2. Drive the price up for the Red Sox. This is the big one. The BoSox are desperate for a power bat — they somehow finished dead last in the AL in home runs in 2017 — and president of baseball operations Dave Dombrowski has never been shy about making a big splash. Why trade for Stanton when you could just sign J.D. Martinez, who Dombrowski knows from their time in Detroit? Well, Stanton’s a more well-rounded player and younger, and in terms of average annual salary, he might be cheaper too.

There are enough teams reportedly interested in Stanton that the Red Sox will have competition for him, but bidding against the Cardinals and Giants is not the same as bidding against the Yankees. The history and intradivision rivalry adds another layer to things. Remember the Jose Contreras bidding war? Mark Teixeira? Things are different when the Yankees and Red Sox are bidding against each other. It’s unlike any other rivalry in baseball.

Keep in mind Cashman and the Yankees have a history of feigning interest in a free agent in order to make life complicated for the Red Sox. They did it with Carl Crawford. Doing the same with Stanton is a no-brainer as far as I’m concerned, and there are three reasons it could be very effective.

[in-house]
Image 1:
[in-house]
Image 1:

1. They have the prospects to get Stanton.
  2. They could easily find room for him in the lineup.
  3. They look poised to take over the top of the AL East.

Faking interest in a player to drive up the price for a rival only works if the interest is believable. If the Red Sox wanted J.T. Realmuto and the Yankees showed interest, it would seem kinda weird because they already have a great catcher in Gary Sanchez, you know? Stanton’s a different story. Jacoby Ellsbury hasn’t been good in a while, Brett Gardner is getting up there in age, and we still don’t know whether Clint Frazier or Aaron Hicks are actually any good. The Yankees having interest in Giancarlo would be completely plausible.

* * *